Presentation is loading. Please wait.

Presentation is loading. Please wait.

Computer Forensics BACS 371

Similar presentations

Presentation on theme: "Computer Forensics BACS 371"— Presentation transcript:

1 Computer Forensics BACS 371
File Slack Summary

2 Places to hide evidence
4/14/2017 Places to hide evidence Evidence can be hidden in many places within a disk. The notion of “empty space” on a disk is more complicated than you might suspect. The question becomes “what are the different types of empty space?” Unused (bad blocks, deleted file space, network protocol fields) Unallocated space (free space, unused sectors) File slack (unused space at the end of each file) (c) ITT Educational Services, Inc.

3 File Collection of Information written to a disk
Generally created in an application-specific format Occupies a fixed number of clusters Each file’s cluster has a pointer to the next cluster in the file The final cluster contains the End of File (EOF) marker

4 Files Logical File Size Physical File Size File Slack
Exact size of contents of file in bytes Physical File Size Amount of space a file occupies on disc in bytes File Slack Unused space between logical end of file and physical end of a cluster Two types: RAM slack and Disk Slack Physical File Size <- Logical File Size -> <- File Slack ->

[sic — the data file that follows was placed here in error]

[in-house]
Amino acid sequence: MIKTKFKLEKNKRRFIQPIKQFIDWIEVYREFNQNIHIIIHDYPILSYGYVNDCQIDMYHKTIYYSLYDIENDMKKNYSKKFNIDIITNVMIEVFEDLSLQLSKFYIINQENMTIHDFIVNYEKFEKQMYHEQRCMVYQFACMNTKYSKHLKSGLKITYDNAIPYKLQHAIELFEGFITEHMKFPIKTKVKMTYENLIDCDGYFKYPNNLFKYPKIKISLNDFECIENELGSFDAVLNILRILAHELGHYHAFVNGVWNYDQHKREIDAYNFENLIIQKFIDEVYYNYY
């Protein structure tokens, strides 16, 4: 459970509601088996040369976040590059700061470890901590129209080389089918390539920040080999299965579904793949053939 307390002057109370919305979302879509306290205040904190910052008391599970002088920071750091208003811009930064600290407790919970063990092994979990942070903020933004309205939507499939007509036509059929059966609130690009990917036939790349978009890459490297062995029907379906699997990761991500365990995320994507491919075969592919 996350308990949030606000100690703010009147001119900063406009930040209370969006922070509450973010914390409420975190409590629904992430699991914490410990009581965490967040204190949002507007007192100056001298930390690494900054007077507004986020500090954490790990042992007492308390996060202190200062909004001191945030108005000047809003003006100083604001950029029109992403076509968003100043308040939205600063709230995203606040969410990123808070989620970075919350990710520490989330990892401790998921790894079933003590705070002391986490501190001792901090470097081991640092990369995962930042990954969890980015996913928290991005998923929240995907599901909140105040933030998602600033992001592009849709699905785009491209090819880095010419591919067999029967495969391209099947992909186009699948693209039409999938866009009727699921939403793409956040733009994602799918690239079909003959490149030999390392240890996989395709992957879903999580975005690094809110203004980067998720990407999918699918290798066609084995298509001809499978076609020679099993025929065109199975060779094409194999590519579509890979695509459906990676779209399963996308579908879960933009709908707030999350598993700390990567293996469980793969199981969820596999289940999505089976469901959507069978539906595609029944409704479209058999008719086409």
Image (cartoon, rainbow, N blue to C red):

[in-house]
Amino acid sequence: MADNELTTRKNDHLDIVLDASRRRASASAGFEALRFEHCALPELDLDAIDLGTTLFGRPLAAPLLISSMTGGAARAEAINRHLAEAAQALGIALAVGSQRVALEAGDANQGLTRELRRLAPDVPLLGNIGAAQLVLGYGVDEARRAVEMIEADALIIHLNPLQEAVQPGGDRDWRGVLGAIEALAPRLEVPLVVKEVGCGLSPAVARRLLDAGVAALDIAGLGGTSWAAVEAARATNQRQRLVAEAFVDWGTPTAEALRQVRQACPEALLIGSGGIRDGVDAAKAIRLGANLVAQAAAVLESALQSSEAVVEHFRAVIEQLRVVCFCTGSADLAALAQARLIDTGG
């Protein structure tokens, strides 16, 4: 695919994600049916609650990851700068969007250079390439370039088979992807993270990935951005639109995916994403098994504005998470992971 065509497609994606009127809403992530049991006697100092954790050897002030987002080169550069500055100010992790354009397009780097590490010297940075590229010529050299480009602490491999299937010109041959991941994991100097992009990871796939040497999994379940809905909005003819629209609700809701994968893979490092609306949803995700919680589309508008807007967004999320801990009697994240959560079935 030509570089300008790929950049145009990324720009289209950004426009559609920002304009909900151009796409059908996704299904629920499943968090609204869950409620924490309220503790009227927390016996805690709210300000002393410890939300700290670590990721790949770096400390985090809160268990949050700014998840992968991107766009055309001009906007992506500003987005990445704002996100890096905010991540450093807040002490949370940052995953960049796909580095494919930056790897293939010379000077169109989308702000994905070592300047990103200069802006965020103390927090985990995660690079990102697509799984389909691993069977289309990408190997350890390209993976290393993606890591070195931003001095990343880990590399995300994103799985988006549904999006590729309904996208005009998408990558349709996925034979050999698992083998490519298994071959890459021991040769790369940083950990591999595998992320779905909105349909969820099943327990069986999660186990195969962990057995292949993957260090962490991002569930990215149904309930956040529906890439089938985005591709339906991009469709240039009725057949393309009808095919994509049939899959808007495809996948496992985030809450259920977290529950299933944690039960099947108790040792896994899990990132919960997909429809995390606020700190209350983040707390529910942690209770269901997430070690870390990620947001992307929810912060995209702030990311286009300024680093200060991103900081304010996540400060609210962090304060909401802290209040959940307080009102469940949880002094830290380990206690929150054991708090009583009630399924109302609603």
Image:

5 File Slack What does File Slack Contain? Who knows??!!
Old data that was deleted but not overwritten yet May contain remnants of older files, or other evidence including Passwords Old directory structures Miscellaneous information ….

6 File Slack Example Hello World! Has 12 Characters in the file
But occupies 4096 bytes on the disk!

7 File Slack Example

8 File Slack Example File Contents: “Hello world!” 12 bytes 3rd Sector
Disk Slack: 4096 Bytes – 512 Bytes = 3584 Bytes RAM slack – to the end of the sector DISK slack – to the end of the cluster Assumptions: Sector Size = 512 Bytes Cluster Size = 4KB = 8 Sectors 2nd Sector RAM Slack: 512 bytes – 12 bytes = 500 bytes

9 File Slack Summary RAM Slack Disk Slack
Unused space at the end of a sector. Contains information adjacent to the stored information from Main Memory (RAM). Example: The file has only 12 characters, but must write a minimum 512-byte block to the disk – the other 500 characters are whatever happen to be in RAM at the time. Disk Slack Unused space at the end of the cluster. Contains information left over on the disk from prior files. Example: The file system must always write in multiples of clusters (4096 bytes in this case.) The other 3584 bytes (7 sectors) are filled with whatever used to be in the clusters before they were marked for deletion.

Download ppt "Computer Forensics BACS 371"

Similar presentations

Ads by Google